And finally...the Vatican Museum. I initially was going to skip this, but after a couple of days of musing, decided that I shouldn't let a chance to see the Sistine Chapel go by. Who know when I'll be in Rome again. The Sistine Chapel is the final room of the sprawling Vatican Museum, and there's no way to see only the chapel. Admission isn't regulated at all, so you stand in line (for hours), see as much of the ancient Roman, Etruscan, and Egyptian artifacts as you want (probably none, since you feel like crap after standing in line for hours), and then start the long haul through chambers and chambers of painted rooms (some by Raphael - rather nice) before you get to the chapel.

Anyone who has been to San Diego's Comic Con has remarked on how...humid the convention floor can be at its height, full of nerds going gaga over the array of comic candy in front of them. The Sistine Chapel is ten times worse. No photography is allowed, yet everyone is snapping away, and guards are snapping at whomever is stupid enough to do it in front of them. Most of the offenders are never reprimanded, and probably don't know or don't care that they've done something wrong. Whether or not photography should be allowed is up for debate, but the fact that standing in a room with hundreds of people who are hot and cranky from getting the Vatican runaround is a lousy way to examine and appreciate one of the most celebrated paintings of our time is not. As soon as I get in, I want to get out. Seeing the chapel was great. Seeing it in those conditions was awful. Is that a wash? I dunno. I think I got screwed by the Vatican. Pope Benedict, you owe me 13 euro, and I know your coffers can afford it. Clearly it's all about Cash, because anyone who cared about Art wouldn't subject it or those who want to see it to that ordeal. Take a lesson from the Galleria Borghese - admission by reservation only, with a limited number of people allowed inside for a two hour window. No fuss, no muss, no crowds. I really dig the painted ceilings in the Galleria - most, if not all, are depicting Greek myths, and the gods and goddesses are frequently depicted perched on little fluffy clouds, meddling in the ways of humans that only the Greek pantheon can meddle.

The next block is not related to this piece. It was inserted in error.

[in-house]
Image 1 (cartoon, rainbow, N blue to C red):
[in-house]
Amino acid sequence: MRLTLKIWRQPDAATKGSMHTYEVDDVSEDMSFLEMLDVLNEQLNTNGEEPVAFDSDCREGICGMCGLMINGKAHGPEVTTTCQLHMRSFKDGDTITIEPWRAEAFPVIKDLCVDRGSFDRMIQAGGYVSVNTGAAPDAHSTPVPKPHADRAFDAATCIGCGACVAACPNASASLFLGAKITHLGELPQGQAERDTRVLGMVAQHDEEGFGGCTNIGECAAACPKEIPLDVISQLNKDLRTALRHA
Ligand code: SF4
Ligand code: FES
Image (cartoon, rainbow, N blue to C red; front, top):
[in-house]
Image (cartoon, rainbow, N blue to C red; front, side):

Another museum with no crowds, which requires no reservation, and is a mere 4 euro admission, is the Musical Instruments Museum. Of interest to those, obviously, who like musical instruments, a couple objects of note include one of the three pianos made by Bartolomeo Christofori, inventor of the pianoforte, and mandolins fashioned from the carapaces of armadillos. Neato!